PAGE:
• As per a Financial Times report, the Shanghai Municipal Investment Group, affiliated with the local government, started a Party and Armed Forces Department (PAFD) in September, following the example set by Mengniu, a major state-endorsed dairy competitor of Yili
  • Last year, several other entities also announced the creation of PAFDs. These include the Wuhan Urban Construction Investment & Development Group, PowerChina Equipment Group, and Wuhan Metro. Additionally, in Guangdong province, Huizhou Water and Huizhou Transport Investment Group, along with Haian Urban Construction Development Investment Group in Jiangsu province, established their own PAFDs.

What they are saying

    • One member of the PAFD in China’s Zhejiang province in the east, who preferred to remain anonymous, told FT that their group mainly concentrates on military training and recruiting initiatives, along with occasionally conducting military-oriented educational programs in schools.
    • As per a report by Xinhua, the official news agency of China, Wu Qian, a spokesperson for the defence ministry, announced in October that the creation of PAFDs within state-owned companies is necessary to “fulfil national defence obligations and strengthen national defence construction”.
    • As per the FT report, Timothy Heath, a senior international defence researcher at the Rand Corporation, described the establishment of PAFD across various locations as indicative of the leadership’s anxiety regarding internal social stability. He said, “The activation of these PAFD units is a symptom of the leadership’s concern about the domestic social stability situation,” adding, “Because it’s happening in so many places all at once, this is almost certainly being directed from the top down.”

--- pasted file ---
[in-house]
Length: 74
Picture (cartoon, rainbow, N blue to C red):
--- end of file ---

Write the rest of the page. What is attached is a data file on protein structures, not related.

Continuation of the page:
• James Char, a specialist on China at the S Rajaratnam School of International Studies in Singapore, linked the renewed focus on PAFDs to the Chinese Communist Party (CCP) prioritizing ‘security’ above ‘development’.
  • Timothy Heath from RAND Corporation told FT that the emergence of PAFDs was “definitely surprising.”

The bottom line

China’s corporate militias are a sign of the times, as the country faces growing uncertainty and challenges at home and abroad. They also reflect the increasing influence and reach of the Communist Party and the military in all aspects of Chinese society.